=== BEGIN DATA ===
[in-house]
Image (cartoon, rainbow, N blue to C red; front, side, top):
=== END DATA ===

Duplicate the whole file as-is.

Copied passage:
[in-house]
Image (cartoon, rainbow, N blue to C red; front, side, top):